Dear your Excellency,
Greetings from the Far East. It is my hope you are doing well.
Of late we have witnessed the political climate in North Africa changing rapidly. This is due to the popular demonstrations and "uprisings" that have toppled governments. First it was Tunisia then followed Egypt and perhaps Libya will be next. I wish to convey to you that the reasons that led to discontent among the populace of these two countries are not markedly different from the situation at home. Before I venture into the reasons I wish to clarify that we are a democracy as such this differentiates Tanzania from Tunisia, Egypt, Libya, Bahrain etc therefore on the face of it we may think we are safe. However, kindly persue the subsequent paragraphs to understand the gravity of the situation.
On a surgical analysis, it is evident that economic conditions are the main causative agents of the protests. This does not mean I am overlooking the political ones however the economic hardships are the main drivers of the "revolutions".
Majority of the protesters were complaining of high food prices, rising fuel costs, massive unemployment, inefficient educational system, corruption, rising income inequality, police brutality and complete lack of accountability by those in power just to name but a few. On looking at these grounds it is clear that the nation (Tanzania) is in the same predicament. The fuel prices are at the roof causing a pinch into every inhabitant's pocket. The domino effect of this is inexplicable on such small space and since you hold economics degree I need not explain the obvious to you.
Further the educational system is in a mess. From primary schools to the university level the government seems to have abdicated its responsibility of providing quality education to the populace. It was easy after liberalization in 1990's to view this as a responsibility of the private sector however we are witnessing the repercussions presently. There is a big shortage of schools plus universities both of which are under-equipped resource-wise. From the lack of teachers to lack of facilities and books the problems are endless.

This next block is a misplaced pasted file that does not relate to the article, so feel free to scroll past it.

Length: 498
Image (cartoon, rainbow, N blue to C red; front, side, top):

What is annoying many is the ineptness of the government to deal with the problem surgically. It has to take students to protest for anything meaningful to be done! There seems to be no meaningful government plans of action to alleviate this problem something, which only spells doom for the future.
Rising income inequality is visible from the opulence of the few including the government officials. There is a big gap between incomes in the government servants. The income plus perks of the high-ranking bureaucrats make that of teachers, doctors, lecturers and even the normal civil servant look like loose change. While the government complains of not having money to increase the salaries, we can see new mashangingi being bought, Tea only for the high ranking members in the office continuing to be served. It
makes one wonder, if you do not possess money then how do u service these two of the many unnecessary components.
Not only that, the income inequalities resulting from the business entities or businessmen with close ties to the officials in government also provide fuel for people to hate their government. The media is abuzz with such stories and not all can be discounted with mere deniability or by cooking up a conspiracy story because of the integrity of the journalists who provide them.